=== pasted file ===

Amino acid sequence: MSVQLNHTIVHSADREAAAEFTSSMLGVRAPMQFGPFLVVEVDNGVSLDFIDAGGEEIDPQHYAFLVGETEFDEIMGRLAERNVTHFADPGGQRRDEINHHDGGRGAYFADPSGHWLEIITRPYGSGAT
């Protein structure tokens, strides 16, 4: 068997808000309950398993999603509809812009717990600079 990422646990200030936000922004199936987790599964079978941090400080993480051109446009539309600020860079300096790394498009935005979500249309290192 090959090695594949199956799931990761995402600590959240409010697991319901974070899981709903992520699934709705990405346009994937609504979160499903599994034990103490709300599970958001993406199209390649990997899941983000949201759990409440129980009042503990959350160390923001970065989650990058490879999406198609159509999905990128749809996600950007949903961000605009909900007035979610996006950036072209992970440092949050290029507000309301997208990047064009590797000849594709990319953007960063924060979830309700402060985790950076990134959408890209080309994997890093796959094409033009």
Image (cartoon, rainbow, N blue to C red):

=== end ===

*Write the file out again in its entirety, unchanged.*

Amino acid sequence: MSVQLNHTIVHSADREAAAEFTSSMLGVRAPMQFGPFLVVEVDNGVSLDFIDAGGEEIDPQHYAFLVGETEFDEIMGRLAERNVTHFADPGGQRRDEINHHDGGRGAYFADPSGHWLEIITRPYGSGAT
């Protein structure tokens, strides 16, 4: 068997808000309950398993999603509809812009717990600079 990422646990200030936000922004199936987790599964079978941090400080993480051109446009539309600020860079300096790394498009935005979500249309290192 090959090695594949199956799931990761995402600590959240409010697991319901974070899981709903992520699934709705990405346009994937609504979160499903599994034990103490709300599970958001993406199209390649990997899941983000949201759990409440129980009042503990959350160390923001970065989650990058490879999406198609159509999905990128749809996600950007949903961000605009909900007035979610996006950036072209992970440092949050290029507000309301997208990047064009590797000849594709990319953007960063924060979830309700402060985790950076990134959408890209080309994997890093796959094409033009």
Image (cartoon, rainbow, N blue to C red):